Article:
The five of us headed down into the Subway in Atlanta.
(from left to right: Dr. Cragun, Delaney Russell, Hanifah Griffith, Dr. Tillman, Carla Shapira)
dinner at Gunshow
dinner at Gunshow
Hanifah Griffith, Carla Shapira, Delaney Russell, and Dr. Cragun at the Martin Luther King Jr. National Historic Site
Ebenezer Baptist Church
Martin Luther King Jr.’s childhood home
inside Ebenezer Baptist Church
the eternal flame at the tomb of Martin Luther King Jr. and his wife Coretta Scott King
(from left to right: Carla Shapira, Delaney Russell, Dr. Tillman, and Hanifah Griffith)
Dr. Cragun at Martin Luther King Jr.’s childhood home
Honors Program Directors Kacy Tillman and Ryan Cragun recently took three UT students to the National Collegiate Honors Council conference in Atlanta. Two members of the Honors Council, Carla Shapira and Delaney Russell, attended the conference, along with Honors student Hanifah Griffith, who was presented a poster titled, “Do Honors Symposia Affect Student Beliefs, Values, and Behaviors? A Pre- and Post-Test Study”. We attended a number of sessions and enjoyed a number of meals together where we discussed what we were learning at the conference.
The conference was in downtown Atlanta, which meant it was quite close to the Martin Luther King Jr. National Historic Site. The five of us took some time late one afternoon to visit the site and learn more about the life and activism of Dr. King.
Honors Council President, Laura Hearst, and Social and PR Chair, Kamakshi Dadhwal, accompanied Honors Program Director, Dr. Ryan Cragun, on a trip to the 2016 National Collegiate Honors Council Conference in Seattle from October 12-16. NCHC provides a national collegiate platform for honors students and faculty members to present their respective research, brainstorm ideas for enhancing honors experience, and showcase artistic talents in master classes. We asked Dr. Cragun and the two students what they thought about the NCHC conference. Here’s what they told us.
Q. What did you think of the conference and the overall experience?
Dr. Cragun: As it was my first NCHC Conference, I found it very helpful. I’m in the process of re-thinking the entire Honors Program at The University of Tampa and hearing about other Honors Programs, their curricula, their activities, and their efforts to build a strong sense of community among their Honors Students was all really helpful. I learned a lot and came away with many ideas for how to make UT’s Honors Program even better.
Laura: I thought the conference was an overall wonderful experience that was eye opening to all of the opportunities honors student have and can take advantage of.
Kamakshi: The NCHC conference opened the door to a whole new world of Honors, which I didn’t realise existed until I was immersed in the various sessions ranging from how to improve your Honors Program experience for first-year students to how to make the most of your Honors Program as a senior. Besides, who wouldn’t like to spend time getting to know professors, from all over the United States and abroad, outside of the classroom?
Q. What did you gain from the conference?
Dr. Cragun: I met and had a chance to talk with about half a dozen other Honors Program Directors. Speaking with those individuals about their programs and getting their thoughts on the Honors Program at UT was very helpful. All of them were very nice and I’m sure moving forward they will all be willing to provide helpful feedback when I need it. The professional connections I developed will, no doubt, prove to be invaluable in the future.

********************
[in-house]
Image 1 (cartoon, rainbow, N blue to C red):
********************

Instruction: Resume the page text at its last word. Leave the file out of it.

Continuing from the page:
Laura: I learned a lot about how to improve the Honors Council and make a difference at UT.
Kamakshi: Although the conference was more geared towards faculty, it served us well to attend it because we have come back with wonderful ideas- some our own, but most of them courtesy of the various presenters at the conference- to make UT’s Honors Council events more inclusive of students from various disciplines.
Q. What was the best part of the trip for you?
Dr. Cragun: The best part of the conference for me was hanging out with the two Honors Program students from UT. Traveling with students provides a great opportunity to get to know students on a deeper level. I learned a lot about both of the students and gained an appreciation for just how great UT Honors Program students are. Of course, what I loved the most is that I learned about some of the quirks of the students, too, like the fact that Laura won’t step on grates on sidewalks (even if it means getting wet in the rain) and Kamakshi is an Indian princess who flashes gang signs. Awesome!
Laura: My favorite part of the trip was seeing the first Starbucks store in the world. [Laura and Kamakshi ran in the cold rain and harsh wind to make it to Starbucks 9 minutes before it closed on their last night in Seattle; just in time to get themselves “First Starbucks Store” mugs.]
Kamakshi: The chance to visit the Bill and Melinda Gates Foundation was my favourite part. The Gates family is inspirational in their intelligent altruism, which not only funds countless projects that help alleviate global crises in many domains, but also sponsors research to find definitive solutions specifically to worldwide health problems. They’re currently working on injecting infected mosquitoes with a bacteria, Wolbachia, in an attempt to find a cure to Zika. Just knowing that they care to put their abundance of wealth into improving health, reaffirmed my faith in humanity. Also, I thoroughly enjoyed Dr. Cragun and Laura’s company. I had expected to get to know them better, but I hadn’t expected them to find a place in my heart, as friends.